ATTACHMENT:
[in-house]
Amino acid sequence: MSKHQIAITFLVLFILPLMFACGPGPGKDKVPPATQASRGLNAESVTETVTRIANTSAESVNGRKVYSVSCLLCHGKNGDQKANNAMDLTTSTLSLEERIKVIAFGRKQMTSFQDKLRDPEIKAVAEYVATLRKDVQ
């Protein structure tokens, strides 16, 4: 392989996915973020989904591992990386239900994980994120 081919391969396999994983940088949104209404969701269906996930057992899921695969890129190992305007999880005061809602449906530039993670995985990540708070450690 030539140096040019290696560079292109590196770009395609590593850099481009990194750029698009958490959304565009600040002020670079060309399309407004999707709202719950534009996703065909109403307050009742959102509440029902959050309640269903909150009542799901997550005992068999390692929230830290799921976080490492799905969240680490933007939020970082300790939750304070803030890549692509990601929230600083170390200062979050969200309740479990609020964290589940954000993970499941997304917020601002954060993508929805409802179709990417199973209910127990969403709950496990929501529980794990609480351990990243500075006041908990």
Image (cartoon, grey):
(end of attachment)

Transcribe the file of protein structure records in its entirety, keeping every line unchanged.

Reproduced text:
[in-house]
Amino acid sequence: MSKHQIAITFLVLFILPLMFACGPGPGKDKVPPATQASRGLNAESVTETVTRIANTSAESVNGRKVYSVSCLLCHGKNGDQKANNAMDLTTSTLSLEERIKVIAFGRKQMTSFQDKLRDPEIKAVAEYVATLRKDVQ
């Protein structure tokens, strides 16, 4: 392989996915973020989904591992990386239900994980994120 081919391969396999994983940088949104209404969701269906996930057992899921695969890129190992305007999880005061809602449906530039993670995985990540708070450690 030539140096040019290696560079292109590196770009395609590593850099481009990194750029698009958490959304565009600040002020670079060309399309407004999707709202719950534009996703065909109403307050009742959102509440029902959050309640269903909150009542799901997550005992068999390692929230830290799921976080490492799905969240680490933007939020970082300790939750304070803030890549692509990601929230600083170390200062979050969200309740479990609020964290589940954000993970499941997304917020601002954060993508929805409802179709990417199973209910127990969403709950496990929501529980794990609480351990990243500075006041908990």
Image (cartoon, grey):